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Proposed Sales Tax on Computer and Data Processing and Custom Software Opens Pandora’s Box

Mar 18, 2013Council in the News, Other

Massachusetts Taxpayers Foundation

The proposal to tax computer and data processing services and custom software is a Pandora’s box, raising numerous problems for virtually all businesses in the state, large and small, and seriously undercutting the state’s competitiveness.

A new tax on widely used technology will add to the costs for virtually every business in the state, including professional service firms, technology companies, and many other businesses that provide residents with good, high-paying jobs. The proposal threatens to tax everything from the most basic technological services—for example, designing a custom website—to emerging innovations like health care diagnostics on mobile devices.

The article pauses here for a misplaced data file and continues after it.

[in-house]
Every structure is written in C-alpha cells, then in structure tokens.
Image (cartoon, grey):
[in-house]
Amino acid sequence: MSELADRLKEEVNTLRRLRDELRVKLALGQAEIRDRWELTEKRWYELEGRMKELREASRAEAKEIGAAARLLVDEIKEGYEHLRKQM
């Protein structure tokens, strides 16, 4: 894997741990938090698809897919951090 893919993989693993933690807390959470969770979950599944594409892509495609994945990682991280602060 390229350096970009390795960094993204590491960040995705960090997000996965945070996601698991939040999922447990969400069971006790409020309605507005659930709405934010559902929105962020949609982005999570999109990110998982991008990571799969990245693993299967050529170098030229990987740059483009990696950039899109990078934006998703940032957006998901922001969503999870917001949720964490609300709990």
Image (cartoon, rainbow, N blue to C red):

Companies of all sizes rely on technology to improve and grow, and taxing it would add to their costs of doing business. Massachusetts already has the second highest business costs in the country, behind only Hawaii.1 The state’s tax burden on businesses is the fifth highest in the country, according to the January 2013 report from the Greater Boston Chamber of Commerce. The state also ranks near the bottom for its difficult regulatory climate. Since so few other states have a similar tax, it would be one more factor that makes Massachusetts the most expensive place in the 48 contiguous states to run a business.

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Increasingly, the Massachusetts High Technology Council is stepping up to create, execute, and lead critical statewide competitiveness strategies. Fostering a vision for our innovation economy under the MassVision2050 banner, the Council solidifies its position as a thought leader providing valuable insights to navigate emerging technologies, facilitates long-term planning, and reinforces the Council's commitment to excellence and action in the evolving Massachusetts tech-driven economy.

To learn more, contact Council President Chris Anderson.